3. Consider conflict as an opportunity, not a problem. If you only see conflict as a problem—an obstacle that prevents you from achieving success or happiness—then you do everything within your power to avoid it. While no one likes conflict, as a leader, you should recognize the value of conflict to challenge your thinking, enable growth, improve leadership ability, and strengthen relationships. This is not to suggest that you look for conflict, but you must recognize that carefully and methodically initiating conflict can help develop a more holistic approach to your leadership. James teaches us that we are to “consider it all joy when you encounter various trials, knowing that the testing of your faith produces endurance.” When we look at conflict as an opportunity for God to work endurance in our lives, the result produces perfection and completeness where we lack nothing.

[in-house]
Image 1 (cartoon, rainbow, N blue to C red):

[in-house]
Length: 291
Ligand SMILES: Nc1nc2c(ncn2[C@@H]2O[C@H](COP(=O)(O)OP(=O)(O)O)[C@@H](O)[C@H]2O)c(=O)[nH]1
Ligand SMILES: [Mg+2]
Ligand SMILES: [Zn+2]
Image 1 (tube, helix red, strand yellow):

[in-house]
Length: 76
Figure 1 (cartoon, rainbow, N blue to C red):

4. Practice the “101 Percent Principle.” Stated that this principle requires you to find the one percent you agree on with someone else and give one hundred percent of your effort to it. While it may seem counterintuitive on paper, many people tend to focus on disagreements before even looking for common ground. The result is greater conflict and division. How much better would it be if you found the areas of agreement and focused most of your attention there before looking at the differences? This principle provides a place of psychological safety and comfort. The discussion leads to a more positive and productive outcome when a safe place exists.